So, the next time you want to spice up your life, be sure to add Merquén to your menu. If you want to try a blend at home, the Merquén blend by Asabasa Spice Co. is a blend of spicy and sweet chiles with sea salt and a mix of spices, perfect for your first try at a Mapuche dish.

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3 Reasons the Original “Red Meat” is Best for You!

Asabasa Spice Co.

Although you may be hearing a lot about bison meat lately, the delicious, nutritious meat is nothing new.  Humans have been consuming bison meat for as long as bison have been roaming the plains, which is a very long time.  If you are looking for a tasty way to add diversity to your weekly menu, but are conscious about only putting the best into your body, look no further. Bison is your new best friend, here’s why.


Just how lean are we talking? The answer is really lean.  When compared to chicken, bison meat has approximately the same amount of protein, but nearly 5g less fat.  However, since it is a red meat, we should probably compare it to tried and true beef as well.  When up against beef, bison meat has 1g more protein AND 16g less fat. That is some lean meat.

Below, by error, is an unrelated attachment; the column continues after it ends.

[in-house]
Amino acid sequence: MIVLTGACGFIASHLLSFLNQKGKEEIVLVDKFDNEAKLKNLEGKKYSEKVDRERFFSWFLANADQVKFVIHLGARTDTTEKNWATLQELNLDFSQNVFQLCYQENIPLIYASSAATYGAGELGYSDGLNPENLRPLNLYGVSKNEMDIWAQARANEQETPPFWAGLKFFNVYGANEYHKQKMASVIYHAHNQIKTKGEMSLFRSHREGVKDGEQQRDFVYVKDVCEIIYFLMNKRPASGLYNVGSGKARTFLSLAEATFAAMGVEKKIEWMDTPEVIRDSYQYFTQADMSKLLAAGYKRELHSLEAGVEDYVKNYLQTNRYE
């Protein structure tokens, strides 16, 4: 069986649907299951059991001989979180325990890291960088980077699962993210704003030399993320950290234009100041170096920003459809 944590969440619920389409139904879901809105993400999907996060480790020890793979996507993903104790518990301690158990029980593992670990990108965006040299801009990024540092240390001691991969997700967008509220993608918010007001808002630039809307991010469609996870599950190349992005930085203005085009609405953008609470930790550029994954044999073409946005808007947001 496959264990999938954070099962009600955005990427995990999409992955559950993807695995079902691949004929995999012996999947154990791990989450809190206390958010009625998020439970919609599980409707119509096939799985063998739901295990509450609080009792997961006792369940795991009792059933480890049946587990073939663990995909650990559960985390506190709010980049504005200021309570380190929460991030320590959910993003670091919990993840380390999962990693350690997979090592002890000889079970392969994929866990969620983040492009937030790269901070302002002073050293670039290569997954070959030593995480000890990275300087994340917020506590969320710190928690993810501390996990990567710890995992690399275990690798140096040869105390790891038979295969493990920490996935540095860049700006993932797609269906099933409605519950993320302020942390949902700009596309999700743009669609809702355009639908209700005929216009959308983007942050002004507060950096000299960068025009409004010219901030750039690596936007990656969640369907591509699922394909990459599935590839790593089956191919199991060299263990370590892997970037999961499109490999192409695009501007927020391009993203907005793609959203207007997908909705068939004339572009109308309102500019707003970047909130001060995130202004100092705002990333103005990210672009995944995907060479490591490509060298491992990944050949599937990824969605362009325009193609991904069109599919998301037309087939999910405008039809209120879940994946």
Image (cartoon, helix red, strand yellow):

If you aren’t familiar with the health benefits of lean meat, you should be. Lean meat, because it is packed with protein and low in fat, helps you to build muscles, strengthen your organs and quickly repair damage to the cells in your body. 


When looking for a meat option that is high in Omega 3 Fatty Acids, most people typically turn to salmon.  Those people must not know about bison.  Bison meat has the same amount of Omega 3’s per serving as salmon, which ranges between 1-2g.  However, bison meat is much more versatile.  Bison can be used ground, or in steaks, chops or roasts.  These cut options lead to many more options for meals than the traditional salmon filet. If you choose to eat bison for Omega 3 benefits, you won’t ever be bored!


Not only is bison lean, but it is packed with nutrients. One of the most prominent vitamins in bison meat is the B vitamin.  In one serving of bison meat, you can get a hefty dose of vitamins B-6 and B-12, which are responsible for healthy skin, hair, and eyes.  Additionally, a serving of bison meat also provides high daily values of iron, zinc, and phosphorus.  These vitamins will help you to build strong bones and increase the oxygen levels in your blood, leading to a healthier body and healthier you!